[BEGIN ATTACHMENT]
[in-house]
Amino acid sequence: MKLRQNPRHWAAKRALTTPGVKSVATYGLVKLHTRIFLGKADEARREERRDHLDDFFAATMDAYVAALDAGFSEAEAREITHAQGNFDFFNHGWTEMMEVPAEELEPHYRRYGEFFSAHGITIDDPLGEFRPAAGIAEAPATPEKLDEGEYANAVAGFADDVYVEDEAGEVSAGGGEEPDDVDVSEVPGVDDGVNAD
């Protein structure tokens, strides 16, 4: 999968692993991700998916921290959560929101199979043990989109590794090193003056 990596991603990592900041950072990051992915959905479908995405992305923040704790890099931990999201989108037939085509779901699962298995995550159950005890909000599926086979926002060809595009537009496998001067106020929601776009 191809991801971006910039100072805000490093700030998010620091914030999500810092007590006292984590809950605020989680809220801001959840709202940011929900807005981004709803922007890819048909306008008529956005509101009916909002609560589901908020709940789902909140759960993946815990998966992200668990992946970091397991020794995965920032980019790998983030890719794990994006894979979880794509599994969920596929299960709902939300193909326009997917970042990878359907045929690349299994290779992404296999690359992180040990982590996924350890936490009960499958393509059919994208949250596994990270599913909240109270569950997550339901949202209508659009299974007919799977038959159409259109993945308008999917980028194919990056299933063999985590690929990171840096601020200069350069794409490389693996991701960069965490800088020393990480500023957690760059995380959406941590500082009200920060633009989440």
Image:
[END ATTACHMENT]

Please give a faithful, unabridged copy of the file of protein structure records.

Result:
[in-house]
Amino acid sequence: MKLRQNPRHWAAKRALTTPGVKSVATYGLVKLHTRIFLGKADEARREERRDHLDDFFAATMDAYVAALDAGFSEAEAREITHAQGNFDFFNHGWTEMMEVPAEELEPHYRRYGEFFSAHGITIDDPLGEFRPAAGIAEAPATPEKLDEGEYANAVAGFADDVYVEDEAGEVSAGGGEEPDDVDVSEVPGVDDGVNAD
């Protein structure tokens, strides 16, 4: 999968692993991700998916921290959560929101199979043990989109590794090193003056 990596991603990592900041950072990051992915959905479908995405992305923040704790890099931990999201989108037939085509779901699962298995995550159950005890909000599926086979926002060809595009537009496998001067106020929601776009 191809991801971006910039100072805000490093700030998010620091914030999500810092007590006292984590809950605020989680809220801001959840709202940011929900807005981004709803922007890819048909306008008529956005509101009916909002609560589901908020709940789902909140759960993946815990998966992200668990992946970091397991020794995965920032980019790998983030890719794990994006894979979880794509599994969920596929299960709902939300193909326009997917970042990878359907045929690349299994290779992404296999690359992180040990982590996924350890936490009960499958393509059919994208949250596994990270599913909240109270569950997550339901949202209508659009299974007919799977038959159409259109993945308008999917980028194919990056299933063999985590690929990171840096601020200069350069794409490389693996991701960069965490800088020393990480500023957690760059995380959406941590500082009200920060633009989440």
Image: